Anyways, I let the driver continue. During the twenty-minute ride, and for the subsequent hour or so, the same something-badly-wrong sensation came and went in diminishing waves. Theories: 1. it was something weird and my body fought it off. (In which case: Yay, Immune System Of Doom!) 2. it was food poisoning and I have an unhappy morning waiting. (In which case: Blah. Though seeing as how I feel a whole lot better now than I did four hours ago, that seems unlikely.) 3. it was Lariam (which takes a while to work its way into your system, which is why you're supposed to start on it a week before you travel), I've lost my immunity to its side effects, and I am now going completely mad. (In which case: Hmm. Interesting.)

The Burj al-Arab, a review:

The whole seven-star thing sounds eye-rollingly pretentious1, so I decided to arrogantly and arbitrary give it my own star rating, starting with five stars (pretty much default in Dubai. I mean, not in the kind of US$30 souq hotel where I stay, but along the coast or Boulevard Sheikh Zayed) and count from there.

1Which, appropriately, is the point at which this post also becomes eye-rollingly pretentious.

Plus one star for scale. The thing is immense, and its architecture is undeniably striking. Plus another for the interior. The Rolls-Royces parked outside are a nice touch. I was expecting Versailles-style incredibly-tacky excess, but the 200-metre-tall atrium/foyer manages the trick of being simultaneously cartoonishly over-the-top (apparently everything that looks gold actually is gold, which is kind of mind-boggling) and yet does in a way which is actually tasteful, and even - dare I say it - elegant. The staff were friendly and inviting. That's seven stars. I was really quite impressed.

Being a half-hour early for my reservation, I took the elevator up to their 27th floor restaurant/bar, at which point things began to go seriously downhill. For one thing, it's one of the most aesthetically ghastly places I've ever been, with some kind of incredibly wrong-headed tech theme. You walk through tunnels lined with huge circuit-board patterns - I'm not making this up - into a room whose walls are full of LEDs that blink in L-shapes, and whose ceiling consists of garishly coloured 2001esque wannabe-Art-Deco-but-actually-really ugly panelled lights. The view is OK but nothing special. Down to six stars.

Then I sat at the bar, ordered a Laphroaig, and they didn't have it. In fact their Scotch selection consisted of Johnny Black, Johnny Red, and Chivas. Yes, yes, Arabic country, but also a massive tourist destination with bars all over the place. Dumbfounding and unforgivable. Docked two stars. Down to four. Had a fifteen-dollar whiskey sour, which was fine, and headed for their flagship restaurant, Al Mahara.

To get into Al Mahara - remember, this is the flagship restaurant of what bills itself as the world's best hotel - you wait in a room decorated like the inside of a gigantic solid gold clamshell, and then a faux-airlock door opens, and you get into, I kid you not, one of those incredibly tacky pseudomotion theatre-on-a-stick things with a dozen seats and video screens on the wall that rocks and rolls a little in a futile attempt to persuade you that you're actually moving. As the video screens try to convince you're moving fify metres down and two hundred metres further into the ocean, the "captain" of this unbelievably kitschy "submarine", in this case a guy named Mohammed, wearily recites dialogue about being sorry for the picture of the shipwreck to the left, he'd been drinking last night and crashed. Did I mention his name was Mohammed? Did I mention it's probably not a good sign when your primary emotion as you enter a restaurant is no longer anticipation but a kind of appalled sympathy for its staff? Three stars. If they're lucky. At this point my attitude towards the place is "nice building, shame about what they put in it," and I'm beginning to wonder if I should have stuck with the sidewalk cafes for taste reasons alone.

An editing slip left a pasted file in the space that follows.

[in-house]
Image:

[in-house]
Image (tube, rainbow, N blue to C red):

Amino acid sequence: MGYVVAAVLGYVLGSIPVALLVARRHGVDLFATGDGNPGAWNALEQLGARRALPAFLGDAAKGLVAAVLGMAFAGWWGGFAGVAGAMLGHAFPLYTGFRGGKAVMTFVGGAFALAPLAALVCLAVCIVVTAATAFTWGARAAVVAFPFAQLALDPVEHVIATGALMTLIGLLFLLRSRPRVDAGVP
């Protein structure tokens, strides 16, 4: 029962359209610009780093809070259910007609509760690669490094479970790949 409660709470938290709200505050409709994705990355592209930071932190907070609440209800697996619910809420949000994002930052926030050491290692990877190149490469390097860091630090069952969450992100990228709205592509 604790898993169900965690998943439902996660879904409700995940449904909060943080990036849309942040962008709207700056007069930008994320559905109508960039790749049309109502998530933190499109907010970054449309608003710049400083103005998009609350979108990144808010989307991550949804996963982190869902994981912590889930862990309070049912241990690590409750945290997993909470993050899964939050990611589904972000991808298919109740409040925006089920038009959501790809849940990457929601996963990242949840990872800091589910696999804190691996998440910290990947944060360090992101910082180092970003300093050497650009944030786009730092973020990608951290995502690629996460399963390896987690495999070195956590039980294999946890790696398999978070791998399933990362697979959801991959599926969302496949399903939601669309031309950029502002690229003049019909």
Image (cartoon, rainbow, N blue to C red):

The restaurant itself is a disc which surrounds a vast (well, 40-foot diameter, 20-foot-high) aquarium full of various colourful tropical fish - I recognized a leopard shark, black-tip reef sharks, Maori wrasses, Moorish Idols, and moray eels, and there were dozens of others - swimming in an artificial but quite convincing coral reef. It's actually quite cool. And, as a bonus, it helps eliminate the occasional social awkwardness of dining alone, as you can always stare at the fish between courses.

The service was excellent, attentive without being in the least intrusive. The staff were impressively well informed - my waiter answered an at least somewhat technical marine biology question (there was a moray eel swimming around(!), which they never do; when I asked why, he explained that of their twelve moray eels, this one was new, and it hadn't worked out its territory yet) in a unrehearsed manner. The tables and chairs and silverware and so forth were fine, whatever. The wine list was thick and I'm sure impressive; I stuck with sparkling water.